July 8, 2016 ·  5 min read

6 Beautiful National Parks You Won’t Believe Are All In One Country

There’s one thing Canada is known for: its nature. But the natural beauty this mammoth of a country is packing is no joke. Its largest park, Wood Buffalo National Park, surpasses all of Switzerland in size by a few thousand square kilometers! In short, Canada has waaay more nature than most people can handle.

That doesn’t mean you shouldn’t get out there, though. You should! Go and see at least some of the countless natural wonders scattered throughout Canada’s 46 national parks. Those parks, by the way, add up to just over 300,00 km². That’s about the size of Poland!

Considering Canada’s gigantic scope, it’s no surprise that its national parks offer a ton of climates and ecological zones for visitors to experience. From canoeing and fishing in the rivers of Ontario’s Thousand Islands National Park to spotting polar bears at Nunavut’s Auyuittuq National Park, your trip regardless of where you end up going will never be short of amazing.

A trip to even one Canadian national park can take you from the South’s temperate forests and stunning turquoise lakes to the North’s vast ice fields. These parks are not to be missed, especially for nature lovers, who regularly come from across the globe to see the beautiful Canadian wilderness for themselves.

To kick this list off, here are some of our favorite Canadian national parks from the Toronto Sun’s awesome selection:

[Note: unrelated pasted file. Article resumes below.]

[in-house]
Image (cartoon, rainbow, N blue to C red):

Most Beautiful National Parks In Canada

1. Thousand Islands National Park, Ontario

housand islands national park kayak

Courtesy of Parks Canada

Always popular with boaters and paddlers, the park’s campsites are located on 12 of the islands. For those who like a bit more living space, the park now offers rustic oTENTik cabins that can sleep up to six people on McDonald and Gordon islands, and at Mallorytown Landing on the mainland.

2. Pacific Rim National Park Reserve, British Columbia

Pacific rim national park forest

Via BigStock

Stretching over 50 km of Vancouver Island’s western shoreline, the park’s rugged coast and temperate old-growth rainforests is an ecological paradise that has something for everyone. The park is made up of three separate regions; Long Beach, one of Canada’s best surf spots; the Broken Group Islands, which features over 100 islets that dot the Barkley Sound; and the West Coast Trail, which gets its name from the 75-km hiking trail that winds through the park’s old-growth rainforest.

3. Auyuittuq National Park, Nunavut

Auyuittuq National Park hiking

Peter Morgan via Flickr

Experienced adventurers looking for an off-the-beaten-path experience will love exploring Canada’s only national park north of the Arctic Circle. Named after the Inuktitut word meaning “land that never melts,” the park covers 19,089 sq km of wildlife that is mostly untouched by humans, where wildflowers, seals, polar bears, narwhals, beluga whales, arctic hares and ermines thrive. Located on southern Baffin Island, the park includes the highest peaks of the Canadian Shield, the Penny Ice Cap, marine shorelines along coastal fjords, and Akshayuk Pass, a traditional travel corridor used by the Inuit for thousands of years. To access the park, visitors can either travel by boat or snowmobile from Pangnirtung or Qikiqtarjuaq, and must register and undergo a safety orientation with Parks Canada before entering the park. Be sure to pack waterproof clothing as June to September are the wettest months.